The study lasted nearly five years and yielded numerous publications on the effect of the Mediterranean diet on cardiovascular health and other diseases.
The PREDIMED Study divided its subjects into three groups. The first group was put on the Mediterranean diet plus extra virgin olive oil (Med + Olive Oil). The second group was placed on the Mediterranean diet with nuts (Med + Nuts). The last group served as the control group and was put on a low-fat diet.
With regards to cardiovascular disease, the PREDIMED team found in 2013 that members of the Med + Olive Oil group reduced their risk for cardiovascular disease by 30%, while those in the Med + Nuts group brought down their risk by 28%.
However, this risk reduction was only observed in male subjects, not female subjects. The team also found that the subjects who already had problems with blood pressure or obesity were the ones who responded best to the Mediterranean diet.
With regards diabetes, the PREDIMED team tracked down 418 of the 7,447 participants who were not diabetic at the start of the study. The team observed that the Mediterranean diet reduced the risk of developing type-2 diabetes among the participants by 52%.
Of the participants the team tracked down, only 10% of the Med + Olive Oil group developed diabetes, 11% of the Med + Nuts group, and 17.9% of the low-fat control group.
What about the link between weight loss and the Mediterranean diet? The PREDIMED Study did not specifically look at this relationship.
However, a study published in the New England Journal of Medicine claimed that Mediterranean and low-fat diets may work among obese patients in helping them lose weight. This study followed 322 subjects with moderate obesity.
These studies prove that the Mediterranean diet may indeed help you stay healthy by preventing or reducing your risk for cardiovascular disease and diabetes. You may also lose weight in the process.
Potential mistakes to avoid on the Mediterranean diet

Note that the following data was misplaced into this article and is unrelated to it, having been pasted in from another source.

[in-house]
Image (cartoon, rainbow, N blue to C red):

The Mediterranean diet is a highly flexible diet. It leaves you a lot of room to customize it according to your needs. This high level of flexibility unfortunately leaves you a lot of room for potential mistakes as well.
One possible mistake that you can commit while on the Mediterranean diet is not paying attention to your daily calorie limits.
You may fall into the thinking that just because you’re eating healthy, you can eat as much as you want. It’s not true, especially if one of your aims is to lose weight. You can still gain weight while on the Mediterranean diet if you don’t watch your intake.
Another potential pitfall is not complementing your diet with exercise. Physical activity is a huge component of the Mediterranean diet.
So you can make the most of this diet and attain its reported benefits, you need to make sure that you exercise at least 30 minutes a day. Your workout can be something as simple as brisk walking or walking your dog around your block.
Yet another mistake you can make with the Mediterranean diet is not controlling your intake of sweets, simple carbs, and processed foods.
You can still eat these foods if you can’t completely avoid them. But you have to ensure that you keep your consumption of these foods to the barest minimum. Otherwise, you’ll only end up sabotaging your diet.
How healthy is the Mediterranean diet?
Many health blogs and websites state that the Mediterranean diet is one of the healthiest diets in the world. The PREDIMED Study is just one of the studies proving this statement to be true. Its focus on fresh vegetables and fruits, healthy fats, and lower-fat sources of protein makes it an excellent diet for anyone to follow.
Our Mediterranean diet review conclusion
The Mediterranean diet is simply one of the most effective diets out there today. There is a large body of research that clearly shows that not only can this way of eating help you lose weight, but it can even help prevent certain conditions such as cardiovascular disease.
The fact that the Mediterranean diet can help your heart health is especially interesting considering that it espouses higher consumption of fats and oils, a practice that traditional Western medical dogma has long considered ‘unhealthy’.
Now that people are more aware of alternative (and often more natural ways) to lose weight and get healthier without resorting to pharmaceuticals, it’s becoming clear that eating plans such as this aren’t as ‘bad’ as we’ve been taught growing up.
As long as you stick to its basic guidelines, you can’t go wrong with the Mediterranean diet.